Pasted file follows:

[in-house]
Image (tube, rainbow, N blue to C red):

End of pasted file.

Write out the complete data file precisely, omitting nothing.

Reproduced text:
[in-house]
Image (tube, rainbow, N blue to C red):